Law firm “can recoup outlay” from apprentice who quit early

Contract: 12 months was reasonable restraint, says tribunal

A law firm is entitled to recoup the money it spent training an apprentice who broke an agreement to stay at the firm for a year after completing his course, an employment tribunal has ruled.

Employment Judge Garnon in North Shields said Andrew Purcell, an IT technical support assistant at Newcastle-based Winn Solicitors, was paid £17,000 – “considerably more than the national minimum wage for apprentices”.

Judge Garnon said Mr Purcell started work at the firm in January 2016, and began the infrastructure technician level 3 trailblazer apprenticeship in October 2016, which cost around £16,500.

“During the two-year training, he was allowed day release rather than doing the work for which his salary was being paid, and permitted to do coursework during working hours.”

The employment tribunal heard that, before he had completed his training, Mr Purcell resigned in November 2017 and took up “better-paid employment”.

When he left, Winn deducted £500 from his final salary and the judge said the firm intended to pursue a claim against him for more.

Under the apprenticeship agreement, Mr Purcell agreed to stay at Winn “for a period of 12 months following conclusion of my training course” and if not pay the law firm “the full outlay made by them” in respect of the apprenticeship.

Mr Purcell agreed that if payment was not made before his employment ended, the firm had authority to “deduct any sums” from his final salary payment or, if this was not enough, he had to repay the balance within a month.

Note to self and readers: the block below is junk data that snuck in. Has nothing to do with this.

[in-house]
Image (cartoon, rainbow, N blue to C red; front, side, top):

The judge said Winn had invoices to show it had already paid £5,500 in terms of “outlay” for the apprenticeship, and “may be fortunate to recoup part of that”.

He said that when the agreement was signed, neither party was clear about the cost because of the element of government funding.

Mr Purcell, who represented himself, told the tribunal “he believed the most he would have to pay was 10% of the cost of the course”, but the judge found he “was not told anything” about only having to pay 10%.

“I am wholly convinced the claimant was not deceived into entering the agreement, nor was any misrepresentation made to him.”

Judge Garnon said Mr Purcell had completed the end assessment of his training course, but not yet received the result.

“I asked him whether he had paid anything towards it and he had not. I asked him whether his new employer paid anything towards it and, to the best of his knowledge, they have not.

“The claimant, if he passes, he will have a qualification which has cost him nothing and his new employer will have a far better skilled employee, the training of whom has cost them nothing. It has all been paid for by Winn.”

The judge said it cost a lot to train up a person to do the claimant’s job. “If Winn fund that, it is a reasonable restraint on the employee that he should be contractually committed to remain with them at least for the duration of the apprenticeship and in my judgment for a reasonable time thereafter.

“I believe 12 months to be a reasonable time.”

Judge Garnon concluded that there was “nothing void, voidable or unenforceable about the agreement”, the deduction was within its express terms and was “not unlawful”. He dismissed the claim.

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